In The News
As we enter into the second quarter of 2022, it seems an appropriate time to discuss the direction the automotive industry is going in and what our Director of Global Consulting, Mark Fennelly feels are the most important trends to keep an eye on this year.
In this article Mark explores the following three key themes:
Diversity and inclusion have been on the agenda for some time now, not only is the world opening up to include equality as an imperative for corporate businesses, but data shows today’s consumers are demanding diversity and favouring brands who are responsible.
Although there have been some positive changes, the automotive industry is sadly lagging behind other sectors as it seeks to rectify the gender imbalance. Deloitte published a report showing that women make up just under half of the labor workforce, however, comprise only a quarter of the auto manufacturing workforce and fewer than 10 percent of executives identify as female. And a further 40 percent of women working in automotive would choose a different industry if they were starting their career again.
Two factors commonly associated with under-representation: industry bias towards men for leadership positions and individual company culture. The automotive industry needs to drive greater representation by flattening the hierarchy and creating initiatives that engage all levels of the organisation.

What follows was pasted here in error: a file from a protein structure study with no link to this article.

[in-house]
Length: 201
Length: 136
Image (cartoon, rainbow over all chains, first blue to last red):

Electrification to support climate change
Electric-vehicles are not a new concept, but their acceptance and popularity has grown dramatically since the Tesla Roadster and Nissan Leaf arrived on the market a decade ago.
Fully electric vehicles have accounted for 15.4% of new car sales so far this year. The government's independent advisors the Climate Change Committee (CCC) recommends zero emission car sales should be 30% in 2024 and 73% in 2028, in order to meet the UK's net-zero climate commitments.
Research shows that electric cars are better for the environment as they emit fewer greenhouse gases and air pollution than petrol and diesel cars. The goal to achieve net-zero can appear to be a herculean task when we consider roughly 18.8 million runs on petrol, around 12.3 million on diesel.
However, it is achievable if you just look at Norway, where electric cars account for 55% of new car sales. Unfortunately, we know that people will not buy into electrifying to fight climate change if the price is too high.
Consumer behaviour has dramatically shifted in the last few years, the pandemic has accelerated the demands and distinct lack of patience from consumers across many industries, the automotive is no exception.
While vehicle performance, design, and price remain important, consumers are now also focusing on receiving a connected and responsible experience.
Google search trends suggest some 60 percent of car buyers under the age of 45 are likely to purchase their next car online and are interested in contactless sales and services.
Digital is revolutionising the automotive experience from the point of sale which is no longer physical to a connected driving experience that enables the vehicle to generate and process large amounts of data for a seamless personalised performance.
The future of the automotive industry needs manufacturers and suppliers to rethink their business models, focus attention on the consumer, and proactively commit to social and climate responsibilities.